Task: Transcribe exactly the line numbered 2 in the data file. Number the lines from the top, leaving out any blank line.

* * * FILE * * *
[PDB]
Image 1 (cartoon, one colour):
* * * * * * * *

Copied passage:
Image 1 (cartoon, one colour):